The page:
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UN Condemns Arbitrary Killings of Activists in Philippines

A woman, clenching her fist, holds a sign condemning recent government raids on activists, during a rally near the Malacanang presidential palace, in Manila, Philippines, March 8, 2021.

United Nations officials are condemning the arbitrary killing of nine activists in four provinces in the Philippines earlier this week in what they say appear to have been coordinated, simultaneous police-military operations.

This is not the first time such killings have taken place. On December 30, nine Tumandok indigenous peoples’ rights activists were killed in Panay during similar joint operations.

The U.N. human rights office reports eight men and one woman were killed in this latest joint police and military operation. Agency spokeswoman Ravina Shamdasani said the police obtained search warrants. They were presented as part of the government’s counterinsurgency campaign against the New People’s Army, the armed wing of the Communist Party of the Philippines.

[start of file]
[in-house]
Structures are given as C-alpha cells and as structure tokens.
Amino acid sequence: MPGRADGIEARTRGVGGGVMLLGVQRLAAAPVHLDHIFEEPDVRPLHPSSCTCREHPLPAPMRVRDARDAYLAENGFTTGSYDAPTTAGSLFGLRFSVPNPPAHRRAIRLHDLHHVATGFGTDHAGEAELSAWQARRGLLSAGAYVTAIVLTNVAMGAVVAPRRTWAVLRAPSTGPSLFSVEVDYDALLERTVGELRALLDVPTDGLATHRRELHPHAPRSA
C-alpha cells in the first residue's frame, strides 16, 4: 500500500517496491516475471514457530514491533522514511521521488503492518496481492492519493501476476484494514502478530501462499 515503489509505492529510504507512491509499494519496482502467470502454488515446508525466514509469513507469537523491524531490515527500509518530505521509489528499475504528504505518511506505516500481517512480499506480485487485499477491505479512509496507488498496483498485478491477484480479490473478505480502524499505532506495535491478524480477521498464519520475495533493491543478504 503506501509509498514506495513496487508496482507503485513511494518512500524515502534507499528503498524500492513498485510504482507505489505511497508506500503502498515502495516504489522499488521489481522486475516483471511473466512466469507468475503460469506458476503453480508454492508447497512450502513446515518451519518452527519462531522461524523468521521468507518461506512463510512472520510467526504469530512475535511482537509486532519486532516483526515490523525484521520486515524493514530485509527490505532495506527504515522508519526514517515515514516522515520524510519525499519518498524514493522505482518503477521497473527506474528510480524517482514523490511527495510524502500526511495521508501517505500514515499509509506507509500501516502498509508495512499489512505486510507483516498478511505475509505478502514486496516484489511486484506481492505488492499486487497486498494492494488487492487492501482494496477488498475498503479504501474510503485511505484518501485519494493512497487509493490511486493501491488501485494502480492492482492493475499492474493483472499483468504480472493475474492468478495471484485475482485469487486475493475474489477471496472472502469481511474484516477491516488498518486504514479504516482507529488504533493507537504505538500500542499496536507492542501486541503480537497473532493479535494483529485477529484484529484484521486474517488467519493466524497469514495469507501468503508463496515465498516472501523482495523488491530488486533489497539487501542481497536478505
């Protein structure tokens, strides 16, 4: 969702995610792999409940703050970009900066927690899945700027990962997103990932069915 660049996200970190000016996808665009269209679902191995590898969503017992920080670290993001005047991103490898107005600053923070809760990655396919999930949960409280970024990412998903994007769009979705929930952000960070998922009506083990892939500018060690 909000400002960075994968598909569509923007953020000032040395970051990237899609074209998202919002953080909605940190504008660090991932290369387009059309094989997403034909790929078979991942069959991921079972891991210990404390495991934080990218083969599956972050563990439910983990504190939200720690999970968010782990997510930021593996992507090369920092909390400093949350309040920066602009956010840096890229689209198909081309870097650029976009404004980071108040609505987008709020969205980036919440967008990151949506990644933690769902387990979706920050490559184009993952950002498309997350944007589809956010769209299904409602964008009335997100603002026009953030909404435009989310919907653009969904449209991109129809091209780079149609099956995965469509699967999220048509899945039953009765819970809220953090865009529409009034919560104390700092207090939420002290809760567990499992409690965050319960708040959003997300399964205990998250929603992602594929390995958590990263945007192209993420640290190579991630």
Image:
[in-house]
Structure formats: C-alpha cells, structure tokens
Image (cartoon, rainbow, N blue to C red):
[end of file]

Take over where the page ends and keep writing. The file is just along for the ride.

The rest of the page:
Shamdasani said security personnel then entered the activists’ homes in the dead of night and shot them.

“So, these search warrants were obtained in this context to conduct searches for weapons held as part of the communist insurgency. However … these operations were carried out in the middle of the night and those who were killed were working on issues such as the rights of fishing communities, indigenous peoples’ rights, housing rights of people rendered homeless or people who have been evicted from urban slums,” she said.

Shamdasani called the near total impunity for the use of lethal force by the police and the military shocking, saying it must end.

“We are deeply worried that these latest killings indicate an escalation in violence, intimidation, and harassment and ‘red-tagging’ of human rights defenders. There is a history of human rights advocates being “red-tagged”—or being accused of being fronts for the armed wing of the Communist Party in the Philippines,” Shamdasani said.

U.N. rights chief Michele Bachelet warned in June of the dangers of such public labeling. She called for the protection of human rights defenders, journalists and others at risk.

However, Shamdasani said Bachelet’s plea has not been heeded. She said dozens of activists and several journalists have been arrested, intimidated and harassed since then.